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* RBA’s large interest rate hike spurs tightening worries
* German industrial orders fall more than expected in April
* Ted Baker plunges as preferred bidder backs out
* Biffa surges on $1.7 billion bid
June 7 (Reuters) – European shares fell on Tuesday as
investors worried about the squeeze to economic growth from
aggressive monetary policy tightening by central banks in a bid
to tame rising inflation.
The pan-European STOXX 600 index fell 0.5%, giving
back half of Monday’s gains, with tech shares leading declines.
Australia’s central bank raised interest rates by the most
in 22 years and flagged more tightening to battle rising prices.
This comes as investors await a European Central Bank (ECB)
meeting and U.S. inflation data this week.
The ECB has signalled rate hikes starting next month, and
investors wait to see if record high inflation in May would lead
to a change in stance at Thursday’s meeting.
“The bar for a hawkish surprise on Thursday (from the ECB)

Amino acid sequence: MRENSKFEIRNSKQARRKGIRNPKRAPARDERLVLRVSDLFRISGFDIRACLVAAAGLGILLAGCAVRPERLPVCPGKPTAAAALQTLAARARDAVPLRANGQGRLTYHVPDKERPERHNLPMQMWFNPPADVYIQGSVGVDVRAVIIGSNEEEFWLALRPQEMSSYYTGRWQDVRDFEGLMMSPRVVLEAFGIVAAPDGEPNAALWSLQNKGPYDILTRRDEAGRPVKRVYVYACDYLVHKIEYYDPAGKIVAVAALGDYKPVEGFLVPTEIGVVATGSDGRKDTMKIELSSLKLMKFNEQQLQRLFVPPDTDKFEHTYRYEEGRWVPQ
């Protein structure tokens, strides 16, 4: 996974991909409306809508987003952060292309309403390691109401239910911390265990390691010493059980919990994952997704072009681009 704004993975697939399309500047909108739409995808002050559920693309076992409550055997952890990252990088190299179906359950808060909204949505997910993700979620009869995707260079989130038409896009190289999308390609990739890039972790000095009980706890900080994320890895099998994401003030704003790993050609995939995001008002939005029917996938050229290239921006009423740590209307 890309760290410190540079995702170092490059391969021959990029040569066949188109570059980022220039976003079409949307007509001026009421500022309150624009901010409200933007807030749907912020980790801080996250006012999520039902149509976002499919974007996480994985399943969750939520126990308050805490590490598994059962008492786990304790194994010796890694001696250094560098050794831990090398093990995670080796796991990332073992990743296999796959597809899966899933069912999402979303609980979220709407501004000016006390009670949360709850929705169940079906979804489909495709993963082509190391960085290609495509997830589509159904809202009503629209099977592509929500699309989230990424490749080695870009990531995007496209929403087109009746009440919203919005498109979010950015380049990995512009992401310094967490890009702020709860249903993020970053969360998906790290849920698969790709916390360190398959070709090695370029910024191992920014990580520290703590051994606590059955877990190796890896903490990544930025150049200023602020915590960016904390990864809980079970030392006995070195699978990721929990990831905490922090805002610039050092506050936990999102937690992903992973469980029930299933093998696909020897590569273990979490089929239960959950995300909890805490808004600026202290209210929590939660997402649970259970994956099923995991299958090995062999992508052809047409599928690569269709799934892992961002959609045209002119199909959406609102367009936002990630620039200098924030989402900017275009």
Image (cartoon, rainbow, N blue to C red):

is set quite high,” strategists at ING said.
“The only really interesting question is why it doesn’t
start hiking rates immediately instead of waiting until July.”
On Friday, data is expected to show a rise in May U.S.
consumer prices, leading to some speculation that the Federal
Reserve may need to carry on hikes beyond July.
Underlining slowing economic growth, data showed German
industrial orders fell more than expected in April, the third
decline in a row, driven by weakened demand and heightened
uncertainty due to the Russian-Ukraine conflict.
Rate-sensitive technology stocks dropped 1.1%, with
French software maker Dassault Systemes shedding 2.5%
after a brokerage downgraded the stock.
London’s FTSE 100 fared better, trading flat as the
UK Prime Minister Boris Johnson seeks to shore up his
position among senior ministers with a raft of new policies,
after surviving a no-confidence vote on Monday.
“We think markets are overpricing the impact of recent
political noise on the UK economy and we expect volatility… to
decrease over the coming days,” ING said.
Among individual stocks, Biffa jumped 28.4% after
it received a possible buyout offer from affiliates of private
equity firm Energy Capital Partners, valuing the British
waste-management specialist at about 1.36 billion pounds ($1.69
British fashion chain Ted Baker plunged 21.2% after
it said its preferred bidder backed out of making a takeover
SAS slumped 9.5% after the Swedish government said
it would not inject new capital into the loss-making airline and
did not aim to be a long-term shareholder in the company.
(Reporting by Susan Mathew in Bengaluru; Editing by Shounak
Dasgupta and Subhranshu Sahu)